As I was sitting down to get my seat, I noticed that a person came up to the front row, the front right, sat down, and as credits were going, it looked like he got a phone call. He went out toward the emergency exit doorway, which I thought was unusual to take a phone call. And it seemed like he probably pried it open, or probably did not let it latch all the way. As soon as the movie started, somebody came in, all black, gas mask, armor, and threw a gas can into the audience, and it went off, and then there were gunshots that took place.

Did he have significant help? As suggested by Mike Adams,

This is not your run-of-the-mill crime of passion. It was a carefully planned, heavily funded and technically advanced attack. Who might be behind all this?

The FBI, of course, which has a long history of setting up and staging similar attacks.

The New York Times blew the whistle on such FBI-staged incidents in an article dated April 28 this year. The newspaper reviewed a number of the notorious “facilitations” in which the government exposed and eliminated terrorist plots by prodding disgruntled individuals into attempting attacks on U.S. infrastructure and residents, with FBI help. One involved a suicide bomber who was intercepted on his way to the Capitol, another a scheme to bomb synagogues, still another a plan to shoot missiles at military aircraft, and another to fly explosive-laden model airplanes into the Pentagon. Said the Times:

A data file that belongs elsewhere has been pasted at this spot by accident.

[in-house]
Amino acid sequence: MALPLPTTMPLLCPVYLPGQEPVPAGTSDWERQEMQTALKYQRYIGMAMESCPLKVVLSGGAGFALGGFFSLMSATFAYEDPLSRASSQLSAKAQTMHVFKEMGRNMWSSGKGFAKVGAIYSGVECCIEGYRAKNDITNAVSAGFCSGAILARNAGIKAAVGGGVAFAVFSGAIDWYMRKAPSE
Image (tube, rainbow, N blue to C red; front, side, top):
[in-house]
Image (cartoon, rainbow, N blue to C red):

But all these dramas were facilitated by the F.B.I., whose undercover agents and informers posed as terrorists offering a dummy missile, fake C-4 explosives, a disarmed suicide vest and rudimentary training. Suspects naïvely played their parts until they were arrested.

Some of the plots were called out by judges involved in court cases brought against these actors. One incident involved a low-level drug dealer, James Cromitie, who got caught up in an FBI-hatched plot. When he found himself in court, the judge, Colleen McMahon, saw through the FBI’s deliberate machinations, and exclaimed: “Only the government could have made a ‘terrorist’ out of Mr. Cromitie, whose buffoonery is positively Shakespearean in its scope,” calling the whole thing a “fantasy terror operation.”